Sunday, 10 November 2013

Finally....We caught a twite

I spent today off the patch, not even on the mainland - I was marooned on Coquet Island.

If you've read this rubbish since I started writing my blog, you may recall our mission to ring twite and how we have failed miserably for six years. Well today we finally ringed a twite on the Northumberland coast

Our first efforts were concentrated in the National Trust paddock, just to the south of the plantation at Druridge. The NTBC funded us to buy some niger seed with the hope of colour-ringing twite as part of the national scheme. For two winters we baited the area up but couldn't encourage the twite to leave their favoured habitat of the denuded dunes at Hemscotthill, feeding on weed seeds amongst the silage used to feed the over-wintering beast.

Everything else ate the niger, including rooks!

So plan B was hatched when I discovered that Coquet Island holds a twite flock each autumn.

Year 1 - Natural England permission wasn't received before the twite left
Year 2 - It snowed
Year 3 - Every trip aborted because of the weather.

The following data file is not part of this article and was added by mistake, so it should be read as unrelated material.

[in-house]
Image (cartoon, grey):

Year 4 - Finally today, we caught our first twite.

The first twite to be colour-ringed on the Northumberland Coast
The Coquet twite appear to leave the Island once the food has gone or it snows, heading for saltmarsh or dunes on the mainland?

We hope to catch some more before they leave, but even if we don't, please keep an eye open for colour-ringed twite on the coast this winter. We still don't know where our wintering twite breed, so hopefully some more colour-ringed birds might shed some light. Here is Coquet Island lighthouse shedding its own light at dusk tonight.

Saturday, 9 November 2013


Two brief visits to the patch today between chores.

It was bright and cold today with brisk westerly wind, I tramped around the northern end of the patch. No snow buntings to be seen on the beach, Dave Elliott must have tempted them north to feast on pin-head oats or whatever else he's been spreading.

There was a huge flock goldfinches in the dunes, maybe 250 or more, they're feeding on burdock and thistle seeds.

Some of the goldfinches

The finches weren't the only golden thing in the sky.

RAF Boulmer 202 Squadron flying over Druridge. I will miss seeing these when they go.
This evening I had a look for a black-throated diver that had been reported on the sea off the plantation. No sign of it, but plenty red-throated divers and a great-crested grebe.